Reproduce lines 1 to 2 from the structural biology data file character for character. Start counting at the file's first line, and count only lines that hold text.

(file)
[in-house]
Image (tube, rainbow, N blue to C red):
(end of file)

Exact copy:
[in-house]
Image (tube, rainbow, N blue to C red):